Title
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mikehearn

01/26/2017, 11:05 AM
so i can answer some questions about this if you like
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mk

01/26/2017, 11:07 AM
mikehearn: great! I was first wondering how the decision was made within the team, especially considering that not everyone on the team might have been familiar with the language. How did the initial learning curve affect productivity for instance?
I'll read your article first, thanks!
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mikehearn

01/26/2017, 11:08 AM
You're welcome!
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mk

01/26/2017, 11:14 AM
Not in scope of this topic, but interesting to hear as well that you've adopted a functional style in Kotlin. I'm exploring this myself and have started to port cats from Scala to Kotlin. (cats is the spiritual successor to scalaz in a sense.) I'd actually be interested in getting feedback around this at some point if you think you're interested in it (it's undocumented still but I'm planning on spending more time on it soon)
It's not as elegant as cats because Kotlin's type system isn't as strong as Scala's, but it affords with much of the same utility around being able to express effects in the type system
Sorry back on topic:
A risk with using obscure languages is that they might not stick around
This is a concern that came up here as well, but more so because that there was some anxiety around Kotlin not being endorsed by Google in any major way, and the chance that support might dwindle further because Google might be pushing e.g. Dart or other languages in the future
But maybe it was being overly defensive
We drew a lot of comparisons to Apple and Swift, where Apple is heavily pushing its own language
Good read, thanks again.
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mikehearn

01/26/2017, 11:28 AM
Well, Kotlin wasn't actually designed for Android. It happens to have picked up steam there, but originally Kotlin was designed for JetBrains' own apps i.e. desktop apps.
So if Google ignores it, that doesn't change much about the original value calculation. It was never a bet on getting Google's support. I worked for Google for nearly 8 years and understand the internal culture there quite well: I would not expect Google to ever formally endorse a technology they haven't built themselves unless they have no real choice.
But if developers end up picking up Kotlin anyway, then I doubt they'll make a fuss about it either. They don't have a language that can credibly compete with Kotlin. Go and Dart are rather not helpful to Android devs.
WRT functional style, what I meant by that is that we pretty frequently write calculations as chains of maps/filters/folds/groupBys/etc, and there are very few mutable objects in our codebase. Stuff like cats and scalaz is a whole other level. I admit to being somewhat skeptical of scalaz at least: I'm not a huge fan of library code that liberally uses untypeable unicode characters in its source 😞 that seems to indicate a worryingly low interest in practicality. I don't know much about cats, and obviously I'll give you some pinches of salt for free here, as I haven't written any code that uses scalaz or cats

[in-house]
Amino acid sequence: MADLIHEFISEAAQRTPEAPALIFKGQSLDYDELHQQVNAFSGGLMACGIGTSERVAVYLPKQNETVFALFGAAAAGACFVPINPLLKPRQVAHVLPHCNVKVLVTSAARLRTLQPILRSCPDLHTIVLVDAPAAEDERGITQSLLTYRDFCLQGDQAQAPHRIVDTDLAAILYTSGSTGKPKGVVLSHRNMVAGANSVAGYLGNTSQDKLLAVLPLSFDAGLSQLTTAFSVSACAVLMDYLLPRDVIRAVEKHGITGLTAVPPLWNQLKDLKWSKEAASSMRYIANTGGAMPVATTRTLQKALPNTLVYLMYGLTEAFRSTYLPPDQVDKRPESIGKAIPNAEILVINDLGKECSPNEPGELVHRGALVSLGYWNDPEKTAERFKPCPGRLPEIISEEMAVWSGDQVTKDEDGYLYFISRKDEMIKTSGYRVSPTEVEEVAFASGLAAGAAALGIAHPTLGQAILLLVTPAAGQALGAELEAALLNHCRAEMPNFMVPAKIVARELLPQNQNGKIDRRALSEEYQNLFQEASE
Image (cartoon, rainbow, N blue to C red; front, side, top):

Outside of defining DSLs with interpreters, I've kept a lid on Haskell-style code in our codebase. Unfortunately many of the bank devs that turn up on our doorstep are frequently flummoxed even by things like generics, so we have to keep the API we expose as simple as possible. Just using something that isn't Java at all is pushing it 😞
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mk

01/26/2017, 11:36 AM
This all sounds sensible--thanks. By the way:
I'm not a huge fan of library code that liberally uses untypeable unicode characters in its source
I completely agree--fortunately, the cats authors understood that this is a major pain point for newcomers to the librarie(s) and made all the crazy squiggly arrows and Haskell style combinator symbols optional. We use cats quite heavily in our backend services, and we use none of these symbols.
so, you don't have to resort to
\/
to say you want an
Either
🙂
I also didn't adopt any of that in my Kotlin port
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mikehearn

01/26/2017, 11:37 AM
That sounds like progress, indeed!
well, let us know when the port is available, I'll be interested in checking it out!
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mk

01/26/2017, 11:40 AM
Cool! It's sort of available, but there's no documentation. I will work on that 🙂 Until then feel free to poke around here: https://github.com/mttkay/kats